Mozelle THOMAS, et al., Plaintiffs-Appellants, v. CITY OF JACKSONVILLE, et al., Defendants-Appellees.
Plaintiffs Mozelle Thomas and Jalynne Santiago appeal from the district court's order granting Defendants’ summary judgment motion on qualified-immunity grounds. Even viewing the facts in the light most favorable to Plaintiffs, we conclude that no genuine dispute of material fact exists. We affirm.
In July 2010, officers of the Jacksonville Sheriff's Office arrested Javon Thomas for assault and interference with custody of a minor child. Thomas received a physical examination upon his arrival and booking at the Jacksonville Pretrial Detention Facility, during which he expressly denied having any history of seizures.1
At approximately 7:00 a.m. the following morning, July 30, Corrections Officer (“CO”) Randy Avery was concluding his patrol duties when “[he] was called back by CO Williams, who informed [him] that there was a medical emergency where an inmate was possibly having a seizure․” Avery followed Williams’ direction to the cell in which the potential medical emergency was taking place, and, upon entering the cell, “saw inmate Javon Thomas sitting on the top bunk,” “sweating profusely” with “mucous coming out of his nose and saliva coming out of his mouth.” Avery conveyed to Williams that a medical emergency was taking place, and at 7:07 a.m. the officers issued a “Signal 17” medical distress call.
Multiple COs and medical personnel responded to the Signal 17, reporting to Thomas’ cell in order to assist CO Avery. The responders found Thomas “sitting up on [the] top bunk, awake, but not following directions. [The] [o]fficers attempted to have [Thomas] come down off [the] bunk, but [he] became more aggressive. After [Thomas] was taken down off of [the] bunk, [he] jerked away and laid down on [the] bottom bunk on [his] stomach.” Nurse Michelle Singleton then “attempted to obtain [Thomas’] [vital signs],” at which point Thomas “became extremely aggressive and combative,” requiring the help of several officers to ensure “[Thomas’] own safety, [the officers’] safety, and [the safety] of medical personnel.” Multiple responding officers described Thomas as agitated and combative, flailing his arms and kicking at the responders—at one point even attempting to bite an officer. Nurse Singleton determined that Thomas was neither seizing at the time nor “postictal” (i.e., in a state indicating that he had just suffered a seizure) and speculated that “[p]ossible toxic ingestion” may have caused his erratic behavior.
The officers “ultimately decided that Thomas should be placed in a four-point restraint, meaning a physical restraint with both his hands and ankles cuffed and a chain connecting the two sets of cuffs.” Once they restrained Thomas, the officers transported him via stretcher to the detention center's health clinic, where “Dr. Joshi ordered Nurse Singleton to administer to Thomas a shot of Zyprexa,” a drug often used as an “emergency treatment order for a person who is psychotic or acting psychotic.” Shortly after receiving the shot, Thomas suffered a grand mal seizure and died while being transported to the nearest hospital. According to the Medical Examiner's Office, “[Thomas’] cause of death was ruled a seizure disorder of unknown etiology and the manner of death was ruled natural.”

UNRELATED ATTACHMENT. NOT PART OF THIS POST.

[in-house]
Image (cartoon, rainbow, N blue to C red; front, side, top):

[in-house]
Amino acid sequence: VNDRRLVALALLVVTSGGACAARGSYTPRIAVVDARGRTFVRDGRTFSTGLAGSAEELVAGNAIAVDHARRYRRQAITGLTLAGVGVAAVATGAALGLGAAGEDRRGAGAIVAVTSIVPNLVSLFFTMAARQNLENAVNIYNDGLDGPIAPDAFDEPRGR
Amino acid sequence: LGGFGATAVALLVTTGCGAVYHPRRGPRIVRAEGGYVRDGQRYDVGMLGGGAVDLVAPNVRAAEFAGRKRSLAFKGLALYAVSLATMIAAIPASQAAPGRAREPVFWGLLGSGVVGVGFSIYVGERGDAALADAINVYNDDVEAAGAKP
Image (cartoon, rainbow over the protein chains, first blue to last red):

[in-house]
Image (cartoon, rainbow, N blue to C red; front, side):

Plaintiffs Mozelle Thomas and Jalynne Santiago—personal representatives of Thomas’ estate—filed their original complaint in the United States District Court for the Middle District of Florida. Following a series of motions and amendments, Plaintiffs eventually filed their fourth (and final) amended complaint in which they alleged several state-law violations as well as violations of Thomas’ Fourth, Fifth, Eighth, and Fourteenth Amendment rights under a “deliberate indifference” theory—all against the City of Jacksonville (the “City”), Sheriff John Rutherford, and various COs and medical personnel in their individual capacities. Defendants moved for summary judgement following discovery, which the District Court granted. Plaintiffs timely appealed to this Court.
We review de novo a district court's summary-judgment order based on qualified immunity, “applying the same legal standards as the district court.” Durruthy v. Pastor, 351 F.3d 1080, 1084 (11th Cir. 2003). A district court properly grants summary judgment when “the pleadings, depositions, answers to interrogatories, and admissions on file, together with the affidavits, if any, show that there is no genuine issue as to any material fact and that the moving party is entitled to a judgment as a matter of law.” Id. (citing Fed. R. Civ. P. 56(c) ). “As this Court has repeatedly stressed, the facts, as accepted at the summary judgment stage of the proceedings, may not be the actual facts of the case. Nevertheless, for summary judgment purposes, our analysis must begin with a description of the facts in the light most favorable to the plaintiff.” Lee v. Ferraro, 284 F.3d 1188, 1190 (11th Cir. 2002) (internal quotation marks, citations omitted).
Taking the facts in the light most favorable to Plaintiffs does not, however, require that we presume the existence of a dispute that must go to trial; “the issue of fact must be ‘genuine,’ ” which means that “[w]hen the moving party has carried its burden under Rule 56(c), its opponent must do more than simply show that there is some metaphysical doubt as to the material facts.” Matsushita Elec. Indus. Co., Ltd. v. Zenith Radio Corp., 475 U.S. 574, 586, 106 S.Ct. 1348, 89 L.Ed.2d 538 (1986). “The nonmovant ‘must present affirmative evidence in order to defeat a properly supported motion for summary judgment.’ If the nonmoving party's response to the summary judgment motion consists of nothing more than mere conclusory allegations, then the Court must enter summary judgment in the moving party's favor.” Johnson v. Fleet Finance, Inc., 4 F.3d 946, 949 (11th Cir. 1993) (quoting Anderson v. Liberty Lobby, Inc., 477 U.S. 242, 257, 106 S.Ct. 2505, 91 L.Ed.2d 202 (1986) ).